Food » Food Review

Marly's Grill

2870 W. State St., 208-343-5775. Mon.-Thu. 11 a.m.-8 p.m., Fri.-Sat., 11 a.m.-9 p.m., Sun., noon-7 p.m.

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Marly's Grill on State Street could be described as a "tasty little corner sandwich shop." This would be precisely accurate on all counts. Marly's serves sandwiches, most notably cheesesteaks; their fare delights the taste buds; and their structure is minuscule, triangle-shaped and situated adjacent to diagonally-cut West Lemp Street.I was instructed by a friend in the know prior to my visit: Try the fries; they're great. I'll confess, though they were freshly cut fries, some still sporting the potato peel, they didn't quite live up to the hype, I'd rate them above average. Here's an odd compliment to offer instead: The fry sauce was delicious. No Thousand Island dressing or mislabeled onion ring dip here.

Additional props go to the courteous wait staff, who accidentally delivered me a neighboring table's order, only to fix the mistake with profuse apologies while politely declining my offer to pay for the mix-up. Though I'd already come armed with my own coupon plucked out of the mail—good for a sandwich, fries and small drink for $5—the friendly cashier dispersed similar coupons to all tables while we dined.

As a product of a microwaveable meal upbringing, I'm a fan of the simple. An entree doesn't need much to please me, just a lot of flavor. So I chose the basic steak sandwich ($5.49). Just the meat, onions and cheese, the menu says. But I said, "Hold the onions," thinking to myself, "Let's see how this thing tastes stripped down."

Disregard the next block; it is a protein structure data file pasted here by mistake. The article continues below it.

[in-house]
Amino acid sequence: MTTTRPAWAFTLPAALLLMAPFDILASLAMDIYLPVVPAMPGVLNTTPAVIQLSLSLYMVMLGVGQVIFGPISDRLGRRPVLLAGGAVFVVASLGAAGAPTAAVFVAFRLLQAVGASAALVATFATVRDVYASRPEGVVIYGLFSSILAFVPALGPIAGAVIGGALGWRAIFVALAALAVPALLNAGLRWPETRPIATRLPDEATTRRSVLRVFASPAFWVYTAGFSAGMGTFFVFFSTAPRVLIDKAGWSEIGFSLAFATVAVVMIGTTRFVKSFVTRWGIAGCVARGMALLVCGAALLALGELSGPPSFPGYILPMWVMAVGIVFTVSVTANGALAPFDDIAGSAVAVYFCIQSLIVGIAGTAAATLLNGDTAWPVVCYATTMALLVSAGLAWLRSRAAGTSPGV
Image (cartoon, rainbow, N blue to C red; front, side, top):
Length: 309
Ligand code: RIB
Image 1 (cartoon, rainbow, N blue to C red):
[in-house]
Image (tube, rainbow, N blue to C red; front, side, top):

My girlfriend is a fiend for everything garlic, so she chose a chicken sandwich with green peppers and herb garlic cream cheese ($5.89). We each got medium fries ($1.35) and refillable Diet Pepsis, mine small ($1.25) and hers large ($1.75).

Neither of us were disappointed. My beef was thinly shaved, smothered in provolone and, with a dash of salt added, was some of the tastiest meat I've had outside of Mom's kitchen. The girlfriend had no complaints about hers, either. We both remarked on the softness and quality of the freshly baked bread, the texture of which reminded me of some European pastry I'd sampled last year.

We discussed the simple decor as we chomped. Three skylights overhead illuminate framed motivational posters and a guide to building a strong community hangs on the alternating red and aqua walls. A sign above the exit indicates a maximum occupancy of 36, but I'm guessing the fire marshal must've been thinking standing room only because the main dining area features only four tables of four and a couple of tables pushed together in a backroom "banquet" area. At a busy hour, I could see a line winding out the door in no time.

"It feels like a snack bar at a theme park—or a beach," my girlfriend remarked. Astute observation, I'd say. But what Marly's lacks in glitz, it makes up for in effectiveness. Give me a delicious meal and I'll come back—period.

Though small, this eatery isn't very difficult to find. Cruise down State Street and you'll see the bus stop directly outside, next door to the carryout Pizza Hut and kitty corner from the gaudy $3 Value Car Wash.

I have to admit I've never been to Philadelphia. I might be able to pick an authentic Philly cheesesteak out of a lineup, but perhaps only just barely. But I certainly wouldn't order one. There's too much gunk in between the halves of the roll. As it is, I can't tell you for certain whether or not Marly's offerings live up to the reputation of the sandwiches served in the City of Brotherly Love, but I can tell you without a doubt that what they do prepare is good. Damn good. If Eagles quarterback Donovan McNabb weren't so filled up on Campbell's Chunky Soup, I'm sure he'd agree with me.

—Travis Estvold believes that salt, not variety, is the spice of life.

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